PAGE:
A Notice summarizing the scientific considerations of a final screening assessment report for site-restricted petroleum and refinery gases was published by Environment Canada and Health Canada in the Canada Gazette, Part I, on June 1, 2013, under subsection 77(6) of CEPA 1999. The final screening assessment report concluded that site-restricted petroleum and refinery gases meet the criteria in paragraph 64(c) of CEPA 1999, as they are entering or may be entering the environment in a quantity or a concentration or under conditions that constitute or may constitute a danger in Canada to human life or health.
The final screening assessment report also concluded that the 40 site-restricted petroleum and refinery gases do not meet the criteria in paragraphs 64(a) and (b) of CEPA 1999, as they are not entering the environment in a quantity or concentration or under conditions that have or may have an immediate or long-term harmful effect on the environment or its biological diversity or that constitute or may constitute a danger to the environment on which life depends.
Based on the current available information, none of these CAS RNs contain components that meet the bioaccumulation criteria as defined in the Persistence and Bioaccumulation Regulations. However, many of the components of site-restricted petroleum and refinery gases do persist in the atmosphere based on the persistence criteria in the Regulations.
For further information on the final screening assessment report conclusion for the 40 site-restricted petroleum and refinery gases, refer to the final screening assessment report (Canada 2013).
1.3 Proposed Measure
As a result of a screening assessment of a group of substances under section 74 of CEPA 1999, the group of substances may be found to meet the criteria under section 64 of CEPA 1999. The Ministers can propose to take no further action with respect to the substances, to add the substances to the Priority Substances List (PSL) for further assessment, or to recommend the addition of the substances to the List of Toxic Substances in Schedule 1 of the Act. Under certain circumstances, the Ministers must make a specific proposal to recommend the implementation of virtual elimination.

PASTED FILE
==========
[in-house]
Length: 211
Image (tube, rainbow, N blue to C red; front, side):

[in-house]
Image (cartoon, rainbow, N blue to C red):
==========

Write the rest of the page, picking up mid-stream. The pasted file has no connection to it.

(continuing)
In the case of the site-restricted petroleum and refinery gases, the Ministers proposed to recommend the addition of the 40 site-restricted petroleum and refinery gases to the List of Toxic Substances in Schedule 1 of CEPA 1999. As a result, the Ministers will develop a regulation or instrument respecting preventive or control actions to protect the health of Canadians and the environment from the potential effects of exposure to these substances.
The 40 site-restricted petroleum and refinery gases are not subject to the virtual elimination provisions under CEPA 1999 and will be managed using a lifecycle approach, to prevent or minimize their release into the environment.
2.1 Substance Information
Petroleum and refinery gases are a category of saturated and unsaturated petroleum light hydrocarbons produced by natural gas processing, petroleum refining and upgrader facilities (API 2001a). The compositions of petroleum and refinery gases vary depending on the source of the crude oil, bitumen, or natural gas, as well as the process operating conditions and processing units involved (Speight 2007). The potential components of petroleum and refinery gases are presented in List 1.
List 1. Potential components present in petroleum and refinery gases (API 2001b)
- 2-Methylpropane (isobutane)
- 2-Methylpropene (isobutylene)
- 2-Methyl-1,3-butadiene (isoprene)
- Hydrogen sulphide
- Carbon dioxide
- Carbon monoxide
3. Why We Need Action
3.1 Characterization of Risk